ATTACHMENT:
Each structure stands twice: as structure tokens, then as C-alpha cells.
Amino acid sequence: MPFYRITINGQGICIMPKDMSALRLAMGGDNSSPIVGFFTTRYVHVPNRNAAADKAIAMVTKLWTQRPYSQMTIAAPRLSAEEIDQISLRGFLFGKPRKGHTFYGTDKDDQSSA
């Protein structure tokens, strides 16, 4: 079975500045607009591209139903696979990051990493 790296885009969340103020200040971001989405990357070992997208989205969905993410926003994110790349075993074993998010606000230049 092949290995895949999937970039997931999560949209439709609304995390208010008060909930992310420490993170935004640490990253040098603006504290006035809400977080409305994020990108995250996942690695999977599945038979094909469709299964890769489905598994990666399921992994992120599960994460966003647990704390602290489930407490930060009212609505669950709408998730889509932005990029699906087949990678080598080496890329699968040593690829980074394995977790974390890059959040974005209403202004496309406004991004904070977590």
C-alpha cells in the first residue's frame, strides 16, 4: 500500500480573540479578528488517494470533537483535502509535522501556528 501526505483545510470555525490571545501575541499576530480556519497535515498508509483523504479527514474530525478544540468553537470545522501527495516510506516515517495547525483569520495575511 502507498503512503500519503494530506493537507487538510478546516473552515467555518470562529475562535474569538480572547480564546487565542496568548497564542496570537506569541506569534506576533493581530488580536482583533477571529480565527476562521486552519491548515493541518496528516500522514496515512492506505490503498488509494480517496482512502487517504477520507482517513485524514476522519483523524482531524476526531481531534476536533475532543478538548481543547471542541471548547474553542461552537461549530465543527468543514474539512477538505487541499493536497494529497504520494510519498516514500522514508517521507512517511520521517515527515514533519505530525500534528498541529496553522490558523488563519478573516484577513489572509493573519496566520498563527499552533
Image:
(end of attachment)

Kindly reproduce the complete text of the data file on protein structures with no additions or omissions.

Each structure stands twice: as structure tokens, then as C-alpha cells.
Amino acid sequence: MPFYRITINGQGICIMPKDMSALRLAMGGDNSSPIVGFFTTRYVHVPNRNAAADKAIAMVTKLWTQRPYSQMTIAAPRLSAEEIDQISLRGFLFGKPRKGHTFYGTDKDDQSSA
């Protein structure tokens, strides 16, 4: 079975500045607009591209139903696979990051990493 790296885009969340103020200040971001989405990357070992997208989205969905993410926003994110790349075993074993998010606000230049 092949290995895949999937970039997931999560949209439709609304995390208010008060909930992310420490993170935004640490990253040098603006504290006035809400977080409305994020990108995250996942690695999977599945038979094909469709299964890769489905598994990666399921992994992120599960994460966003647990704390602290489930407490930060009212609505669950709408998730889509932005990029699906087949990678080598080496890329699968040593690829980074394995977790974390890059959040974005209403202004496309406004991004904070977590």
C-alpha cells in the first residue's frame, strides 16, 4: 500500500480573540479578528488517494470533537483535502509535522501556528 501526505483545510470555525490571545501575541499576530480556519497535515498508509483523504479527514474530525478544540468553537470545522501527495516510506516515517495547525483569520495575511 502507498503512503500519503494530506493537507487538510478546516473552515467555518470562529475562535474569538480572547480564546487565542496568548497564542496570537506569541506569534506576533493581530488580536482583533477571529480565527476562521486552519491548515493541518496528516500522514496515512492506505490503498488509494480517496482512502487517504477520507482517513485524514476522519483523524482531524476526531481531534476536533475532543478538548481543547471542541471548547474553542461552537461549530465543527468543514474539512477538505487541499493536497494529497504520494510519498516514500522514508517521507512517511520521517515527515514533519505530525500534528498541529496553522490558523488563519478573516484577513489572509493573519496566520498563527499552533
Image: